In the 1860s the term “Black Friday” was used in reference to stock market crashes in the USA. However, since the 1950s it has been re-coined to describe a day of shopping and so-called sales, in a trend that had thankfully eluded the UK until more recently.
And who else have we to thank for introducing Black Friday to these shores than good old Amazon, which first brought Black Friday to the UK in 2010.
Clearly keen to eeek things out even further, over the past decade retailers have also treated us to the likes of ‘Black November’, ‘Black Friday Weekend’ and ‘Cyber Monday’.
According to research by PwC, the UK is set to spend an astonishing £21 billion on Christmas presents and celebrations this year, “driven by a combination of people looking to get together for an extra special Christmas and a resurgence of interest in Black Friday, perhaps spurred on by inflation and rising prices.” That’s up 12% on last year. PwC also says that 21% of people in the UK are looking to shop earlier than usual, particularly those in younger age groups and Millennials.
A quarter of everyone polled said they will definitely be buying during Black Friday this year, with the majority of the remainder suggesting that they are interested and may buy. But, it seems many of us shop like Homer Simpson and will more often than not be buying for ourselves, with 74% of men set to do so on Black Friday. As the report also explains: “The majority of us will buy less than a quarter of our Christmas presents during Black Friday, with a mere 3% using the event to buy all their gifts.”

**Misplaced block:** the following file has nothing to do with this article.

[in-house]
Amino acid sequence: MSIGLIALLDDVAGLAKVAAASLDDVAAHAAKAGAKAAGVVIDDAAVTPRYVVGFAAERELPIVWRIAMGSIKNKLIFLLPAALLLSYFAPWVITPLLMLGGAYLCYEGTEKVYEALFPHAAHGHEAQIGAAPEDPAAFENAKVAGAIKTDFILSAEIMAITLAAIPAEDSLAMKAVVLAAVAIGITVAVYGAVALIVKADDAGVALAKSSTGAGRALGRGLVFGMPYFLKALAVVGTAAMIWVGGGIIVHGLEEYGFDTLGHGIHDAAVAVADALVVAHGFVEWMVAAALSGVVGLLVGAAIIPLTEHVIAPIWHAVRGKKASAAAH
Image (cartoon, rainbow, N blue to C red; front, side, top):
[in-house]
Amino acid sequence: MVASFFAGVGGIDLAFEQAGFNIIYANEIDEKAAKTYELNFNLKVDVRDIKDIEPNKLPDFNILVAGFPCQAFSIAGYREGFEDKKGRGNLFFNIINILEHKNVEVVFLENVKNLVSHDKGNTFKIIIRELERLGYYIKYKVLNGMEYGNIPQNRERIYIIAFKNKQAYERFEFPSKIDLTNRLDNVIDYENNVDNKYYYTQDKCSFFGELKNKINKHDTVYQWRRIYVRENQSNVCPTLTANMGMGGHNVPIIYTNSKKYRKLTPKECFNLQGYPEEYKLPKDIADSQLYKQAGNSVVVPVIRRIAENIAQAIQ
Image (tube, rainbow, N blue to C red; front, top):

This is where we get ‘boring’. Bah humbug if you will.
As your granny, auntie, mum, dad or someone else wise no doubt once told you: “A bargain is only a bargain if you need it.” Yes, incredibly, they were right about something.
Whether you are forking out for the latest tech, updating your wardrobe, or shopping for a special something for an even more special someone, don’t get sucked in.
As consumer giant Which? perfectly puts it: “The hype around Black Friday creates the impression that every offer is worth trampling over fellow shoppers to get to, with retailers slashing prices to historically low levels for one day only. But our research has found that’s rarely the case.”
It’s findings showed that 98% of the advertised discounts in 2019 were available at the same price or for less during the six months following Black Friday. Which? also highlighted that 85% of items had also been on sale at a cheaper price beforehand.
According to Statista, just under half of UK shoppers will buy items like electricals and clothing and footwear during Black Friday, while over a third of us will pick up cosmetics and health and beauty products. Not purchases renowned for their environmental credentials or being sustainable.
A 2019 report, Building a Circular Economy, released by Green Alliance, warned that up to 80% of Black Friday purchases, not to mention the deluge of (often plastic) packaging, will end up in landfill, being incinerated or as low quality recycling within a relatively short space of time.
Remember, ‘refuse’ and ‘reduce’ come first and second in the waste hierarchy and well before ‘recycling’. Simply put, try to avoid buying things that you and others don’t really need – often impulse or last-minute buys. And where you do make purchases, wherever possible, look for things that are well made and long-lasting, produced close to home, in the UK or Europe, using sustainably sourced materials or ingredients and consider the lifetime impact of those items and how they might be disposed of or recycled in the future.
For the second time this year, we are forced to quote Dr Seuss’ fictional creation, the Grinch: “Maybe Christmas doesn’t come from a store, maybe Christmas perhaps means just a little bit more.”
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